Compromise and closure: a theory
of social dynamics
This chapter introduces the main conceptual framework that will allow an analysis of modern state formation and the politicisation of ethnicity 'from the outside', i.e. without using a terminology already coloured by the basic principles of the contemporary world divided into nation-states. Anthropological theory might be the best starting point to develop such a 'view from afar', because its main focus has traditionally been state-less and pre-modern societies.
This is not to say that anthropological theory has not been deeply influenced by the master narrative of nationalism or by modes of thinking about statehood derived from experiences with the nation-state. In fact, anthropology's terminological totem, the concept of culture, bears a family resemblance to the idea of nation as a culturally homogeneous, clearly bound unit persisting over time (Wimmer 1996a). But still, the close acquaintance with non-modern forms of identity politics has made it easier for anthropology to move away from such essentialising and reifying notions of culture and gradually to develop a theoretical framework within which another reading of social processes became possible. In what follows, I will first discuss the traditional anthropological notion of culture, then go on to briefly describe its main analytical problems, and finally outline a theory of cultural and social processes based on the new consensus that has emerged in post-classical anthropology over the last two decades.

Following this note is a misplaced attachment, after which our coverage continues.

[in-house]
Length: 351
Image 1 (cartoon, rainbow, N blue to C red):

Anthropology's traditional notion of culture as a complex, integrated whole has never been more popular outside the academic world than at present. Samuel Huntington's (1993) well-known vision of a 'clash of civilisations' after the end of the Cold War is just one best-selling book that relies on a popularised version of the classical notion of culture. Another bestseller from America is Fukuyama's (1995) Trust. The Social Virtues and the Creation of Prosperity. He tries to show that certain cultures,